Support For Tea Party Falling In Districts Which Elected Members To Congress

Support for the Tea Party continues to decline, even in districts which voted for one of them to represent them in Congress. In addition, their view of the Republican Party has also declined along with the Tea Party.  The Pew Research Center reports:

Since the 2010 midterm elections, the Tea Party has not only lost support nationwide, but also in the congressional districts represented by members of the House Tea Party Caucus. And this year, the image of the Republican Party has declined even more sharply in these GOP-controlled districts than across the country at large.

In the latest Pew Research Center survey, conducted Nov. 9-14, more Americans say they disagree (27%) than agree (20%) with the Tea Party movement.  A year ago, in the wake of the sweeping GOP gains in the midterm elections, the balance of opinion was just the opposite: 27% agreed and 22% disagreed with the Tea Party. At both points, more than half offered no opinion.

Throughout the 2010 election cycle, agreement with the Tea Party far outweighed disagreement in the 60 House districts represented by members of the Congressional Tea Party Caucus. But as is the case nationwide, support has decreased significantly over the past year; now about as many people living in Tea Party districts disagree (23%) as agree (25%) with the Tea Party.

The Republican Party’s image also has declined substantially among people who live in Tea Party districts. Currently, 41% say they have a favorable opinion of the GOP, while 48% say they have an unfavorable view. As recently as March of this year, GOP favorability was 14 points higher (55%) in these districts, with just 39% offering an unfavorable opinion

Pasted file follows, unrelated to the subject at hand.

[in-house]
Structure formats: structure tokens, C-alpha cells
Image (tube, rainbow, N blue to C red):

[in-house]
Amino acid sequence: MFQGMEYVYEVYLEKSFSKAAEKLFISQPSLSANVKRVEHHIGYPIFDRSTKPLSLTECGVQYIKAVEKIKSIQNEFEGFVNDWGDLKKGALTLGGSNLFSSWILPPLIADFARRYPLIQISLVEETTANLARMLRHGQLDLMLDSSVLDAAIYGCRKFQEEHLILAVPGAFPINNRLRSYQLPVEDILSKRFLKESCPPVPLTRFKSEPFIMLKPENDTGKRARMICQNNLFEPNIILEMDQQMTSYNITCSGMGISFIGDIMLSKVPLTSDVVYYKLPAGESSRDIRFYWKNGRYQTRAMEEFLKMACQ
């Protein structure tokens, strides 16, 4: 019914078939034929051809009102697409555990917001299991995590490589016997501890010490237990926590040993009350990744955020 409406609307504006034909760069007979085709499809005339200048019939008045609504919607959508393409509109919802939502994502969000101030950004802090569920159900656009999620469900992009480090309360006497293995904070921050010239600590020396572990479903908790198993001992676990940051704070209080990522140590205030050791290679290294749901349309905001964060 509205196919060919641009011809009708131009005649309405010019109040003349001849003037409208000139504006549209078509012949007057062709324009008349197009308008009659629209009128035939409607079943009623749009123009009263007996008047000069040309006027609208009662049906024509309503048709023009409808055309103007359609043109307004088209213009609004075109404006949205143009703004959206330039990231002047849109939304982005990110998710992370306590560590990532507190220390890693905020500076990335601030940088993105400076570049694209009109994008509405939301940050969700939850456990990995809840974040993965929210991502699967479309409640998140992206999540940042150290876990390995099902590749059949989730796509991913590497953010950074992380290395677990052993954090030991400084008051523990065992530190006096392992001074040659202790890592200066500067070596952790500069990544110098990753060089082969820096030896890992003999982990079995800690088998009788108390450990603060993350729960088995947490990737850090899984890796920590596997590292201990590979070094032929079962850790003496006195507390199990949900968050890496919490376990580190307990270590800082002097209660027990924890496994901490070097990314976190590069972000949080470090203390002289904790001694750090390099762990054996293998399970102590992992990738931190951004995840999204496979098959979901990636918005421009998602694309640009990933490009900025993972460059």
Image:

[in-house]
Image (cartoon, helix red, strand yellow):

Among the public, 36% now say they have a favorable opinion of the Republican Party, down from 42% in March.

It is no surprise that the Tea Party has not only declined in support but has also dragged down the GOP. Polls have also showed declining support for the Occupy Wall Street movement but obviously we cannot have a comparable study of Congressional districts which have elected OWS candidates. I expect OWS to continue to lose support as long as they concentrate on fighting over being able to occupy public property as opposed to concentrating on their original issue of income inequality. If OWS continues on its current road and falls in support, hopefully they will neither drag down the Democratic Party or cause people to forget about the underlying issue–an area of original success.